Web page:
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Thread: Bluetooth Hands-Free Car Kit

  1. #1
    Low Bitrate yamathegreat's Avatar
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    Bluetooth Hands-Free Car Kit

    hey guys so i was considering molding a hands free car kit into my center console i found 1 on ebay that looks cool but i wanted to get some peoples opinions has anyone used such a product how do they work and much more importantly how could i go about molding such an item into my dash? the buttons worry me a little as they dont have plastic around them i have no idea how to make them look stock. i havnt bought this item yet but am thinking about it first i wanted to get an idea as to how i could use it.

    link: http://cgi.ebay.com/Parrot-CK3100-Bl...QQcmdZViewItem

  2. #2
    FLAC Spaghetti's Avatar
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    Works by hooking up with wireless bluetooth phones of course - you knew that!

    I'm really posting my idea of how to mould it.
    Here's my idea - it's a technique I've seen used by a guy when making models to make irregular-shaped parts fit in an exact matching hole.
    Gonna be difficult to imagine what I'm trying to explain, but I'll try anyway.

    Firstly, I would cut the hole as close as you can to the shape of the unit. To get a clean hole and make it fit as close as possible to the shape of the BT unit around the button area, wrap a few layers of reflective insulation tape around the sides of the buttons. Use a sharp scalpel from an art shop to cut it down - don't tear the tape off or use scissors as you need to keep the surface of the taped area as smooth as possible. Do this neatly and make sure you use a few layers so that you give yourself enough of a small gap between the hole and the buttons, so you don't have to wedge it in afterwards. This will depend on how thick the tape is of course.
    Next step, you need to attach the front panel of the BT unit to the hole using whichever method (hot glue, etc). At this point, make sure the front of the BT unit and the surface you're attaching it to are completely flush.

    Next bring up the buttons from behind the front panel of the BT unit and attach it back. Might be worth masking off the tops of the buttons too so you don't destroy them with filler.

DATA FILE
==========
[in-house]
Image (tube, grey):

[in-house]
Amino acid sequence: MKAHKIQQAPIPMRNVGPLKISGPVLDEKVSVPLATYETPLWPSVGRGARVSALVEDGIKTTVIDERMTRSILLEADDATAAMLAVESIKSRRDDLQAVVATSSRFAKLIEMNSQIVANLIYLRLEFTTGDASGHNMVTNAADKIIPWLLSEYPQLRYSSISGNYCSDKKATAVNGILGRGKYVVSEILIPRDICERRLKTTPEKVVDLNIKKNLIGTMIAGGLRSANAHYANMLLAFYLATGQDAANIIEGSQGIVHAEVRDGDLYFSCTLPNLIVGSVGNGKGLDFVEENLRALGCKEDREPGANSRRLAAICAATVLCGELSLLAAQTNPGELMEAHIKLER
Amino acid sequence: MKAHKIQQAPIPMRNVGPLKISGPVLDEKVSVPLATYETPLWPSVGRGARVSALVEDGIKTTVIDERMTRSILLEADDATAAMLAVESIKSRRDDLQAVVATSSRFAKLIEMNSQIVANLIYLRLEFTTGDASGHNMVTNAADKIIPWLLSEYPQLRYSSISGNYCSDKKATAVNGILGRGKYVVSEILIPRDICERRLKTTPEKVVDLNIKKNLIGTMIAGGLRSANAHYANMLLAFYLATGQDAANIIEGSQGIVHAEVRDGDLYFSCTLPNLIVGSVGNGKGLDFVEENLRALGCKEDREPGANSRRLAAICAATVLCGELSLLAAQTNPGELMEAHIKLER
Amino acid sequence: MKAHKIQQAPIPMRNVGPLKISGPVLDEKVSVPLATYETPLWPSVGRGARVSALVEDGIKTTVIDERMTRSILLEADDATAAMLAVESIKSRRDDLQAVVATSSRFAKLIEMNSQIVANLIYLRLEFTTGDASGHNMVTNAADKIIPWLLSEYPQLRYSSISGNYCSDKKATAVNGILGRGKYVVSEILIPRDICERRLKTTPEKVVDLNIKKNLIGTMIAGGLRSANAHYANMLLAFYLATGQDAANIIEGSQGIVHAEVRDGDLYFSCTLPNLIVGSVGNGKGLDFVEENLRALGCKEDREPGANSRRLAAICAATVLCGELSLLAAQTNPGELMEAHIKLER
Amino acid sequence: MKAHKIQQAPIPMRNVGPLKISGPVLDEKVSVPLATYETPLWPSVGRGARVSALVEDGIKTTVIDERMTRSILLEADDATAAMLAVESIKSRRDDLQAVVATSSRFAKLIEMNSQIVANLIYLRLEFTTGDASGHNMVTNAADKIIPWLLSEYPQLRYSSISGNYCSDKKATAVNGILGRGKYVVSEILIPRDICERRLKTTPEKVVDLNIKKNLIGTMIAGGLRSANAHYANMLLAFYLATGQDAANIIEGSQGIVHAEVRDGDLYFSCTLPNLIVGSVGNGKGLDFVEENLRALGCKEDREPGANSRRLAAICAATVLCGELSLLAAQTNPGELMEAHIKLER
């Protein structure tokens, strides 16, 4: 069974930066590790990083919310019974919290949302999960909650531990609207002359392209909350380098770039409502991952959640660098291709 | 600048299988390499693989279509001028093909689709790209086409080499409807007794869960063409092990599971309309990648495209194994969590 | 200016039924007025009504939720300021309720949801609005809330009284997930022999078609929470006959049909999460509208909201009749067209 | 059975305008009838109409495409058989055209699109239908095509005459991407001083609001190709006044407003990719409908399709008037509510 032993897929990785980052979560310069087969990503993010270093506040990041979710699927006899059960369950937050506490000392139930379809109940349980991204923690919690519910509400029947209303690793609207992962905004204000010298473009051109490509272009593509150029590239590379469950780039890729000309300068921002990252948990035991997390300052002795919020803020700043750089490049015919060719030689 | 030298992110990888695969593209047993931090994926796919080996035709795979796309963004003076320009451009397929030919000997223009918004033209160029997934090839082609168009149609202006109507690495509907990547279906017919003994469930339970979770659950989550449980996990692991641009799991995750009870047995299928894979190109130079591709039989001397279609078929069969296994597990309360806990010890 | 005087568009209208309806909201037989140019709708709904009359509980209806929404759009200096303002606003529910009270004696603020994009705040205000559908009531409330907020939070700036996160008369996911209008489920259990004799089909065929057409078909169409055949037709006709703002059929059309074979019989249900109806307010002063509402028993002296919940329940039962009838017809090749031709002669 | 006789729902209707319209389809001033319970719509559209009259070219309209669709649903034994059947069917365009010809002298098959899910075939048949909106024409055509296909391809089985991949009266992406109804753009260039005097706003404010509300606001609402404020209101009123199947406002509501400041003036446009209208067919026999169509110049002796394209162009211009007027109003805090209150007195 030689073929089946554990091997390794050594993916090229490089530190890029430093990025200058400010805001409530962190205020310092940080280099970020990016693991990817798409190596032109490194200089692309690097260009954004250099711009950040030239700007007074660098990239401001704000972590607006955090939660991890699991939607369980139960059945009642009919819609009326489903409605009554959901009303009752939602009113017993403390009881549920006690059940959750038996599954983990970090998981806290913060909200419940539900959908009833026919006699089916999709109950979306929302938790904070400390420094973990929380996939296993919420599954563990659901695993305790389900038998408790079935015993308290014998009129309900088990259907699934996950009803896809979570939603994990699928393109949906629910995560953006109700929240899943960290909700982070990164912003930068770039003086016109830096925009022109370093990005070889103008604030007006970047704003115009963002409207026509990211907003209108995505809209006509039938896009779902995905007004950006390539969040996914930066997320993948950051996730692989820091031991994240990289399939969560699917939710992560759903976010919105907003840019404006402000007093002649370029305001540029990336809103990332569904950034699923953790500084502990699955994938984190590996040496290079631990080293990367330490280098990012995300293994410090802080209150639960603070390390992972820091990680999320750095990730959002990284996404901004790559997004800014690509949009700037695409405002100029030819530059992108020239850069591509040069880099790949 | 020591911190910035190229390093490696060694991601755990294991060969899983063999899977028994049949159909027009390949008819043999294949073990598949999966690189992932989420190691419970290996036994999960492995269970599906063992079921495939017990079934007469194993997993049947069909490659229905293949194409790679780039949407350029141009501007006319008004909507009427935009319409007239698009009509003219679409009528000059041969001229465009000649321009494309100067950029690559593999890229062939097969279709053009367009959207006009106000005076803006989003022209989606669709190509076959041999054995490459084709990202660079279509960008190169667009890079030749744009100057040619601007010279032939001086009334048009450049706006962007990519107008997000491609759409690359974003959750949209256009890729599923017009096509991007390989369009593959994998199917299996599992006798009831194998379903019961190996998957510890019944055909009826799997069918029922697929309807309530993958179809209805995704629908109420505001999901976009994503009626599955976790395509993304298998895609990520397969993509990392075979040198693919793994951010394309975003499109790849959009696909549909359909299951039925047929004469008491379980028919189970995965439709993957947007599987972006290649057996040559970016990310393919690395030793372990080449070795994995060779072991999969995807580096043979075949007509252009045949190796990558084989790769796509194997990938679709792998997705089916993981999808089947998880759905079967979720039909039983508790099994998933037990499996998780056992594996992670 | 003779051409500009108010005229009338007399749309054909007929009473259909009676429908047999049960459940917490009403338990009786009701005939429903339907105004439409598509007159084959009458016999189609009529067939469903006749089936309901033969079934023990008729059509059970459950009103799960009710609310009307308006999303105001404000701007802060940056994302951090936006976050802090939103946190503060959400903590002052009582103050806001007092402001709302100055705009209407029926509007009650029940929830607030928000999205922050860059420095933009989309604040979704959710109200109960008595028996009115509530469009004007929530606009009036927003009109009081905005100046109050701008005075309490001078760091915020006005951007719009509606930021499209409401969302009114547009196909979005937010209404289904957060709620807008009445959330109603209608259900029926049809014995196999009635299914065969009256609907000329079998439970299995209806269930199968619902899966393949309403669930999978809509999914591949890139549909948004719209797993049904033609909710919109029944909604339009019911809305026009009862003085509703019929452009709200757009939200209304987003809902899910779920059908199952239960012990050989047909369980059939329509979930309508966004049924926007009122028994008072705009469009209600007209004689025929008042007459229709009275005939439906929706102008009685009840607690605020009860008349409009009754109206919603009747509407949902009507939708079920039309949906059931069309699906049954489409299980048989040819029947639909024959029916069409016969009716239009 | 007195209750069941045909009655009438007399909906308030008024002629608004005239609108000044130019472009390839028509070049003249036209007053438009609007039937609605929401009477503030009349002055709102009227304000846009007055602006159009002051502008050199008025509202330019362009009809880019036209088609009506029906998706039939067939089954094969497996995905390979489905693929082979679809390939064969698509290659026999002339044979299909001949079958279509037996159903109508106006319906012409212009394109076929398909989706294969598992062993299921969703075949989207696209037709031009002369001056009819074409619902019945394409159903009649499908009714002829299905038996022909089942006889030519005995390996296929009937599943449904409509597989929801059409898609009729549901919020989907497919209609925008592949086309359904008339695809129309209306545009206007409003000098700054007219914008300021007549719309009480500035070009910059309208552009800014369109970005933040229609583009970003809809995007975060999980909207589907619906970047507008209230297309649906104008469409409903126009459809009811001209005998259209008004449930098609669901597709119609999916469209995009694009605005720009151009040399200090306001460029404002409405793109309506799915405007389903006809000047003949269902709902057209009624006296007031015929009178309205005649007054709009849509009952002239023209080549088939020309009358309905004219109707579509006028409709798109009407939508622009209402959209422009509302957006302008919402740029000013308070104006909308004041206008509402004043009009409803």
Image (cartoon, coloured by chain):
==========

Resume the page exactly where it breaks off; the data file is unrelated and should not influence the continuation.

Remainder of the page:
At this point you can start applying filler to the gaps, including around the buttons (which are masked off, of course). Make sure the filler sits slightly proud of the surface.
    Once the filler has set, carefully prise the buttons away, and you should end up with two holes with exactly moulded contours to match your buttons.
    Use a sanding block to rub down the excess filler - a sanding block will ensure the entire surface is flat.

    The only problem i see with this method is that the Parrott has a bevelled edge, so it might look strange having bevelled buttons on a flat surface.

    Or, you could mask off the whole thing and mould a hole so that the entire unit fits flush to panel - that way, at least you can remove it if you want to sell the car.

    Hope it helps anyway.
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  3. #3
    Variable Bitrate SickVette's Avatar
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    A friend of mine had the Parrot hands free and now has this one from Motorola http://www.motorola.com/automotive/solution_blnc.html He like the Motorola unit more then the Parrot. I have the Motorola also and it is awesome.

    I agree with Spaghetti on how to make a tight fitting piece except I find it better not to cut the wood very close to the correct shape. If you get it too close but not close enough the body filler gets too thin and brittle. I make the opening larger then it needs to be and use extra body filler to get the shape correct. Then I transfer the shape to another piece of material using a router. The second piece ends up being the piece I actually use in the project.

  4. #4
    Low Bitrate yamathegreat's Avatar
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    alright thanx alot for the idea guys i had no idea how i could go about doing that it sounds good though thats what i was really worried about was how i would mold it in

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